The following is an excerpt from the book I am currently writing titled: It’s Been A Long Time Coming
Rooks nesting in the elm trees soar in the wind above me as I roam freely round the farm. My Dad reaches me across the fields as he whistles his favourite tunes while he works. There is the familiar sound of a steam train puffing past two fields away, as they do half a dozen times a day, answering the sign to “whistle” as they shoot under the road bridge to warn the next station of their imminent arrival. Sometimes my sister and I walk or cycle down our lane, out onto the road and a short way along so we can stand on the bridge to watch a train go shooting past under our feet. Clouds of steam and coal smoke stinging our noses with its pungent smell.
A chicken that my dad dispatched with his farmer’s efficient dispassion, hangs by its feet in our pantry. My mum takes it down and sits outside the backdoor to pluck it. She tells me how she doesn’t like handling feathery things and hates this job, though it has to be done. Then I watch with fascination as she guts it, plunging her bare hand inside its back end and explaining the innards to my enquiring mind. All the preparations for a Sunday roast.
Saliva flows in my mouth as the sweet smell of Mum’s cooking wafts through the kitchen door to where I sit on the hall floor with paper and pencils drawing horses. I am obsessed with horses, trying to draw them mostly; repeating my attempts over and over to try to capture their elegant and graceful shapes. Never quite feeling satisfied with what is a very difficult subject for a child artist. But it keeps me absorbed for a good many hours on rainy days.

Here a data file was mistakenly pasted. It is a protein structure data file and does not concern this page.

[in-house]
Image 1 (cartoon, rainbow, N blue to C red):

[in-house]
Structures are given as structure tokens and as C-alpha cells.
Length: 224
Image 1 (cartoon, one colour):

I love assembling round the family table to eat the produce from our land, with laughter that turns order and formality into family fun. We visit our grandparents often. Pop Swat, as we call him, never speaks much. He sits in his armchair with a cigarette hanging from his lower lip, while Nona (she didn’t like being called grandma), will be busy in the kitchen until we all sit down to eat roast beef with vegetables from her kitchen garden. Even the horseradish sauce is homemade from the roots she has dug up, washed and prepared before we arrived. Her leathery hands and dirty fingernails are proof of her many hours in her beloved garden. A farmer’s daughter, she always seems healthy and strong, her cheeks flushed and her forehead tanned from hours in the fresh air. Every time we visit there seems to be some new treat in stall for us. Fresh picked peas in their pods, or strawberries in season or hot fruit pie and custard, with apples from her Bramley tree.
I am sculpting tunnels and hills in my sandpit; the innocent joy of absorption as imaginary worlds unfold in every moment of play. I surround myself with toys on my bedroom floor, and with a bit of input from Mum, my sister and I play monopoly or card games like cribbage, that our other granny taught us. But more than anything I love to create dens built in ditches or hedges, for hiding from grown-ups or other imaginary threats; spying from my treehouse in the secret shady boughs of the yew tree that oversees the vegetable garden.
All this held in nature’s generous tapestry or in the holding boundary of our home. Even those boredom times when nothing captures my interest..
I remember cycling to the country village with sixpence in my pocket for those colourful sweets stored in big glass jars on high shelves above the soup tins and cigarettes. The impossible choice whether to risk something new or to stick with penny chews and sherbet lemons that are my favourites. Sugary treats all served with patience by the aproned lady behind the wooden counter.
Tottering about on Christmas roller skates with my sister. Laughter and bruises. Taking her for granted as my mentor and sometimes my tormentor too. She is willing and kind towards her younger brother, but sometimes I do test her patience so that games turn into arguments or occasional tussles over the ownership of toys; but nothing serious that our mother can’t help us resolve.
Stormy nights with rain spattering the glass and wind that creeps through the leaky casement windows, shifting the curtains to raise my fears of the dark where danger lurks, driving me deeper under the weight and safety of those all woollen blankets in my own familiar bed next to the paper-patterned wall.
And when sleep won’t come the grandfather clock in the hall cuts the stillness of those lonely small hours with its quarterly call for attention, groaning its tired mechanism to life with chimes that reach up the stairs, counting my family safely through the night.